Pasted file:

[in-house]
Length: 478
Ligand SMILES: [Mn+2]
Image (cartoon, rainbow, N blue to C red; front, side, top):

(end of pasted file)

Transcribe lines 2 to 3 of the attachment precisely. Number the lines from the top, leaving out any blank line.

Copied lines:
Length: 478
Ligand SMILES: [Mn+2]